Letting Myself In, published by Dos Gatos Press in Austin in 2013, is an exploration of life's poignant moments as we experience the journey inherent in change. Anne holds up a mirror for us to consider how we experience anticipation, hesitation, invitation, adaptation, transformation and new beginnings. Full of mindfulness and memory, vivid imagery and lovely musicality, as well as personal reflection and universal truths, Letting Myself In, is a great read for those whose lives are taken them from one place to another: letting go, taking stock and finally moving on.
"The theme of transitions lies at the heart of Anne McCrady’s Letting Myself In. Here are just some of the things McCrady lets us in for: a cast iron skillet resting behind a cabinet door, a fireplace “hungry for logs and glowing ashes,” ball jars of mayhaw jelly, the natural world of pin oaks, tree frogs, redwings, and sandhill cranes. This is Texas, land of dusty pickup trucks, farmers in red flannel shirts, hot biscuits and honey. Besides wielding a pen, McCrady has her hands in dirt: planting bulbs, burying birds, trimming ivy, weeding, “some dirty-kneed job of keeping order.” She is writing the score of a woman’s life: marriage, family, leaving something behind, moving on. Always, she’s an acute and keen observer: “at the portal of this kitchen window / lifted from waves of worry, / I am a sailor who can finally see home.” McCrady is “a woman who sings / to meet the morning,” who wants “the roux to be perfect,” while at the same time, is mindful that “yes everything / that is precious / breaks and is remade.” Open this book, come along with her on the journey. It will crack open your heart." Barbara Crooker, Winner of the Paterson Award for Literary Excellence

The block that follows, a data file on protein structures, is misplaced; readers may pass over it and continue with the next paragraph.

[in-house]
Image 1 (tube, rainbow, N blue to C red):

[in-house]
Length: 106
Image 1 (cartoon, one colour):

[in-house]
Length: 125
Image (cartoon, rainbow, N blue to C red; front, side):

"you are here as sure as when I visited/ last week, when life still slipped along/ as it has done for all these years"
from the title poem, "Letting Myself In"
"we rise, stumble, shove/our feet into feet into shoes,/hurry toward our hungers."
from the poem, "Ambitions"
"patterned windows strain dyes/ of ancient, hallowed light."
from the poem, "After An Illness"
"Evening deepens to deceive us."
from the poem, "Dusk"
"At the table of my discontent,/ you held up a shiny spoon."
from the poem, "Balm of Gilead"
"...everything that is precious/breaks, and is remade."
from the poem, "Porcelain"